George said again, a little plaintively and still puzzled: “But we’re making money, aren’t we?”

This time Harry responded: “Yes! But for how long? It hasn’t shown much yet, but the trend is down. One bad blow and we’re in trouble. We’re fragile in ways I hadn’t imagined.”

He lapsed into silence again, letting it work. And waited …

Then Alice spoke, their EVP of sales and, in her own quiet way, their bravest warrior. She simply said, “What are we going to do about it?”

So they decided, they took action.

Until just a few years ago, this in-depth illumination of the heart and soul of a company would never have been possible; the instruments did not exist. Nor did the techniques for transmuting the understanding gained into commitment or the knowledge gained into action exist.

The best that was available was the due diligence, the Pre-Acquisition due diligence. That of course had been done and done well. But the best due diligence possible could, by custom and tradition, look only at certain factors. And these factors account for only about 20% of the success of a company – which of course accounts for so many disappointments in merger and acquisition work.

The other 80% is driven by the Operating Dynamic of the company. That complex of human and organizational factors that drives expectations, behavior, and results.

With Harry nudging, George and his team did look deeply in and saw what was really there. They did so in time to cause change before the damage went further.

Such clear vision, such intense drive to action, usually happens only in extreme financial crisis. But here all that had been anticipated. A virtual crisis had been created from the responses to The New Beginnings Survey©. A crisis that was safe for all the managers, but one that caused enough pain to generate the energy and the visceral commitment to change.

Reality, however uncomfortable, had been faced. Distaste at what they saw was felt and voiced. A new and better way of being, of relating to each other, of running the company was conceived, written, and committed to. Action was taken, right in that room for many things, and committed to in writing, before bosses, peers and subordinates. Action plans were put in writing for the things that had to wait.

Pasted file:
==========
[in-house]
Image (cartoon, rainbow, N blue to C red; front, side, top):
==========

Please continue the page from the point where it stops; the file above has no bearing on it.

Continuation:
They had addressed a hundred of the factors that drive performance. George and his team had identified problems with more than thirty. Five of these turned out to be GUT issues. Issues that were sucking the energy, drive, and creativity out of the company and out of its managers. Issues that had been growing, unseen, in the soul of the company. Issues that had to be dealt with, not just intellectually, but emotionally. Not just by the managers individually, but by the team as a whole, by the very company itself.

The issues were dealt with, just that way. Dealt with by George the CEO, by Alice the EVP of Sales, by the others individually, by the team acting together – by the company.

The New Beginning

Then the day was done. Harry had his Post-Acquisition Due Diligence and knew now why his stomach had warned him. He patted it contentedly and in appreciation. In depth and in detail he had seen what was driving the company and each of its units. He had seen its strengths, he had seen its weaknesses. He had seen its innate trajectory – its very soul.

Of the things that needed fixing, many were already changed – simply by bringing them into the antiseptic sunlight of the session and making there, and documenting before all, the irreversible decisions that were needed. Others that would take more time were now detailed with specific action steps and dates that he would monitor and assist with. He held a copy in his hand.

The trajectory of the company, he knew, had changed.

The day was also done for George, his team, and his company. George, the team, and the company had had their New Beginning. They had seen in depth and in detail what was driving the company and each of its units. They had seen its strengths, had seen its weaknesses, its innate trajectory – its very soul.

Of the things that needed fixing, many were already changed; others that would take more time were now planned out and George would monitor progress and assist with them.

More than that, they were at peace – with Harry, with the holding company, with what was now expected of them. Best of all, they were committed, both individually and as a team to their future – and they were moving. The trajectory, they knew, had changed.

© 2004 – 2015, Tom FitzGerald. All rights reserved.